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I have been asked to help with performance issue of a SQL server installation. I am not a SQL Server expert, but I decided to take a look. We are using a closed source application that appears to work OK. However after a SQL Server upgrade from 2000 to 2005, application performance has reportedly suffered considerably. I ran SQL profiler and caught the following query (field names changed to protect the innocent) taking about 30 seconds to run. My first thought was that I should optimize the query. But that is not possible, given that the application is closed source and the vendor is not helpful. So I am left, trying to figure out how to make this query run fast without changing it. It is also not clear to me how this query ran faster on the older SQL server 2000 product. Perhaps there was some sort of performance tuning applied to on that instance that did not carry over or does not work on the new SQL server. DBCC PINTABLE comes to mind.

Anyway, here is the offending query:

select min(row_id) from Table1 where calendar_id = 'Test1' 
and exists 
    (select id from Table1 where calendar_id = 'Test1' and
         DATEDIFF(day, '12/30/2010 09:21', start_datetime) = 0
and exists 
    (select id from Table1 where calendar_id = 'Test1' and
         DATEDIFF(day, end_datetime, '01/17/2011 09:03') = 0

Table1 has about 6200 entries and looks like this. I have tried creating various indices to no effect.

id                 calendar_id  start_datetime  end_datetime
int, primary key   varchar(10)  datetime        datetime
1                  Test1        2005-01-01...   2005-01-01...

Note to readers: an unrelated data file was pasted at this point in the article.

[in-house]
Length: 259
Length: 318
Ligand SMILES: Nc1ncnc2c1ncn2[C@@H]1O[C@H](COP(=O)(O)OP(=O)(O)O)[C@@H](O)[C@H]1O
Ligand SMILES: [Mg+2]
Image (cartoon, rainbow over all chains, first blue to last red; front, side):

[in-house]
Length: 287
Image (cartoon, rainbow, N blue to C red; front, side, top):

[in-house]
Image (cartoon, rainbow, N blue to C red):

2                  Test1        2005-01-02...   2005-01-02...
3                  Test1        2005-01-03...   2005-01-03...

I would be very grateful if somebody could help resolve this mystery.

Thanks in advance.

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Is this code in a stored procedure? Is the SP parameter driven? –  E.J. Brennan Feb 9 '11 at 22:51

4 Answers 4

The one thing that should help is a covering index on calendar_id:

create index <indexname> 
    on table (calendar_id, id) 
    include (start_datetime, end_datetime);

This will satisfy the calendar_id = 'Test1' predicates, the min(row_id) sort and will provide the material to evaluate the non-SARG-able DATEFIFF predicates. If there are no other columns in the table, then this is probably the clustered index you need and the id primary key should be a non-clustered one.

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Won't it still have to do a table scan to evaluate DateDiff on each row? –  Thomas Feb 9 '11 at 23:03
@Thomas: as I said, the DATEDIFF is un-SARG-able. –  Remus Rusanu Feb 9 '11 at 23:29

Make sure the indexes made the conversion. Then update statistics.

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Will an index actually make any difference here? By putting a function in the Where clause, won't it force a table scan each time it is executed? –  Thomas Feb 9 '11 at 22:51

Check the differences between the execution plan on the old sql server and the new one. http://www.sql-server-performance.com/tips/query_execution_plan_analysis_p1.aspx

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About the other only thing you can do beyond Remus Rusanu's index suggestion, is to upgrade to the Enterprise edition which has a more advanced scan feature (on both SQL Server 2005 and 2008 Enterprise Edition) which allows multiple tasks to share full table scans.

Beyond that, I do not think there is anything you can do if you cannot change the query. The reason is that the query is doing a comparison against a function result in the Where clause. That means it will force SQL Server to do a table scan on Table1 each time it is executed.

Reading Pages (more info about Advanced Scanning)

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